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Contraception Use and Satisfaction Among Mothers with Low-Income: Evidence from the Baby's First Years Study.

Contraception 2023 October 7
OBJECTIVE(S): Low income can lead to limited choice of and access to contraception. We examine whether an unconditional cash transfer (UCT) impacts contraceptive use, including increased satisfaction with and reduced barriers to preferred methods, for individuals with low income.

STUDY DESIGN: Baby's First Years (BFY) is a randomized control study of a monthly UCT to families with low incomes. The study enrolled 1,000 mothers at the time of childbirth across four US sites in 2018-2019; 400 were randomized to receive a UCT of $333/month and 600 were randomized to receive $20/month for the first years of their child's life. We use intent-to-treat analyses to estimate the impact of the cash transfer on contraception use, satisfaction with contraception method, and barriers to using methods of choice.

RESULTS: Over 65% of mothers reported using some type of contraception, and three-quarters of mothers reported using the method of their choice. We find no impact of the UCT on mothers' choice of, satisfaction with, or barriers to, contraception. However, receipt of the cash was associated with trends toward using multiple methods and greater use of short-term hormonal methods.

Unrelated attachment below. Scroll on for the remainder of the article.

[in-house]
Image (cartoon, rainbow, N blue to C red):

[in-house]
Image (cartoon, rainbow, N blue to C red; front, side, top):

CONCLUSION(S): We find high levels of satisfaction with current contraceptive use among mothers of young children with low-income. Receipt of monthly UCTs did not impact contraception methods, perceived barriers to use, or satisfaction. Yet, 25% were not using the method of their choice, despite the provision of cash, indicating that this cash amount alone may not be sufficient to impact contraceptive use or increase satisfaction.

IMPLICATIONS: Satisfaction with contraception use among low-income populations may be higher than previously documented. Nevertheless, provision of modest financial resources alone may not sufficiently address access, availability, and satisfaction for individuals with low-incomes of child-bearing age. This suggests the importance of exploring how other non-financial factors influence reproductive autonomy, including contraceptive use.

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